“But it can take weeks to sort out … Information at gov.uk/funeral-payments.
“There is also a growing online network of charities and consultants happy to advise on the DIY option. If you are willing to work out how to collect the body, fill out the paperwork and meet the basic fees and costs, there are ways to arrange a funeral without a director for under £1,000.”

The reporter mentioned The Natural Death Centre (naturaldeath.org.uk) as a charity promoting more choice and added …
“If family and friends are willing to help carry the coffin and pitch in with home-made food, you can do without the professionals and arrange a DIY funeral for under a grand. If you inform hospital mortuaries that you are arranging the funeral, they will store the body until you are ready to collect it. Cremation will usually involve a doctor’s certification fee of £160. But in cases where HM Coroner is involved (with any unexpected or sudden death), there’s no charge. There is no legal requirement to embalm, but if storing the body for any length of time, it’s best to consult the Natural Death Centre.
For cremation, “hand over the body in a crematoria-compatible coffin (available from £180). Crematorium fees vary between £300 and £750, depending on the time of the day. If family can be flexible, early morning slots are usually available at the cheaper end of the spectrum. The minister or celebrant’s fee is usually around £150, but you don’t actually need to have one there.”

For burial, “plot prices vary wildly, but some small, rural parishes offer burial sites for as little as £200. Some natural burial sites offer spaces for as little as £455. Cardboard coffins can be ordered from around £170, and if you don’t want to dig, or fill in the earth yourself, digging services (whether at a natural site or cemetery) can vary between £150 and £450.”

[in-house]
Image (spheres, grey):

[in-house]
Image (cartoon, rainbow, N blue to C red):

Finally, “one way of conducting a free funeral is burial at home, if you are willing to dig and wrap the body in nothing more than a blanket. You must own the land outright – it cannot be mortgaged – and an amendment needs to be added to property deeds. You don’t need to inform your local authority, but there are guidelines about how not to contaminate ground water. Best get in touch with the Natural Death Centre to find out how it’s done.”
Guardian readers added some tips of their own at
http://www.theguardian.com/money/2014/jun/28/funeral-die-low-cost-options#start-of-comments
Dick Hill of Surbiton said: “I was surprised there was no mention of donating your body for medical research. My mother died last year at 98 and had decided she would prefer this option to burial or cremation. I notified the London Anatomy Office at King’s College which arranged for her body to be collected from the hospital. There was no cost involved apart from a voluntary contribution. “
With thanks to a comedian called Robin Ince, The Shed passes on, for future use, the comment that if P.D. James had to go, it was a pity there were no suspicious circumstances.
allfornow …